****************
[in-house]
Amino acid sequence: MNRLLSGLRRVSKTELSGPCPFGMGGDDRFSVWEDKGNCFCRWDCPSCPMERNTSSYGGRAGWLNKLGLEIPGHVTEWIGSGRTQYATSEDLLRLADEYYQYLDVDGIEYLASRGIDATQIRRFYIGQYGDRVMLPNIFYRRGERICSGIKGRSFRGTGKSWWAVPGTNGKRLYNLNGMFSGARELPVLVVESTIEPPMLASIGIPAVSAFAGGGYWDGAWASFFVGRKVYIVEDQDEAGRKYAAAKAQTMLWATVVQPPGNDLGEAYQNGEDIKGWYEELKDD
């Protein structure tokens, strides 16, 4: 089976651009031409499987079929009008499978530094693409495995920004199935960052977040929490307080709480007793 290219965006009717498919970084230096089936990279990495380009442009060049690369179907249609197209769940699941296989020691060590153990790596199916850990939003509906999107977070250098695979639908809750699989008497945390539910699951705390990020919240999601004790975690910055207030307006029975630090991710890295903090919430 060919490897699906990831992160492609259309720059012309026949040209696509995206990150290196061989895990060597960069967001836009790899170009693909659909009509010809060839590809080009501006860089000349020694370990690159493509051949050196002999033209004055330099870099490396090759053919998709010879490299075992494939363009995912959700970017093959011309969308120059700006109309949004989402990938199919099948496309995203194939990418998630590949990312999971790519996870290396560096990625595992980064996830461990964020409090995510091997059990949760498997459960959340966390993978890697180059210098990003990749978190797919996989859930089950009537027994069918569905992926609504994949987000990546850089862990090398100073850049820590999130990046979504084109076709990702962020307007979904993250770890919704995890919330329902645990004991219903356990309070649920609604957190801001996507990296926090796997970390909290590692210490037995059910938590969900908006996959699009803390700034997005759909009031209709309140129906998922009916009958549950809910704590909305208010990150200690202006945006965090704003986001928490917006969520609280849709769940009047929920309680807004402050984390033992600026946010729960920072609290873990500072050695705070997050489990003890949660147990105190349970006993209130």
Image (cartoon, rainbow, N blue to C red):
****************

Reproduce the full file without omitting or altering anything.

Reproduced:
[in-house]
Amino acid sequence: MNRLLSGLRRVSKTELSGPCPFGMGGDDRFSVWEDKGNCFCRWDCPSCPMERNTSSYGGRAGWLNKLGLEIPGHVTEWIGSGRTQYATSEDLLRLADEYYQYLDVDGIEYLASRGIDATQIRRFYIGQYGDRVMLPNIFYRRGERICSGIKGRSFRGTGKSWWAVPGTNGKRLYNLNGMFSGARELPVLVVESTIEPPMLASIGIPAVSAFAGGGYWDGAWASFFVGRKVYIVEDQDEAGRKYAAAKAQTMLWATVVQPPGNDLGEAYQNGEDIKGWYEELKDD
């Protein structure tokens, strides 16, 4: 089976651009031409499987079929009008499978530094693409495995920004199935960052977040929490307080709480007793 290219965006009717498919970084230096089936990279990495380009442009060049690369179907249609197209769940699941296989020691060590153990790596199916850990939003509906999107977070250098695979639908809750699989008497945390539910699951705390990020919240999601004790975690910055207030307006029975630090991710890295903090919430 060919490897699906990831992160492609259309720059012309026949040209696509995206990150290196061989895990060597960069967001836009790899170009693909659909009509010809060839590809080009501006860089000349020694370990690159493509051949050196002999033209004055330099870099490396090759053919998709010879490299075992494939363009995912959700970017093959011309969308120059700006109309949004989402990938199919099948496309995203194939990418998630590949990312999971790519996870290396560096990625595992980064996830461990964020409090995510091997059990949760498997459960959340966390993978890697180059210098990003990749978190797919996989859930089950009537027994069918569905992926609504994949987000990546850089862990090398100073850049820590999130990046979504084109076709990702962020307007979904993250770890919704995890919330329902645990004991219903356990309070649920609604957190801001996507990296926090796997970390909290590692210490037995059910938590969900908006996959699009803390700034997005759909009031209709309140129906998922009916009958549950809910704590909305208010990150200690202006945006965090704003986001928490917006969520609280849709769940009047929920309680807004402050984390033992600026946010729960920072609290873990500072050695705070997050489990003890949660147990105190349970006993209130």
Image (cartoon, rainbow, N blue to C red):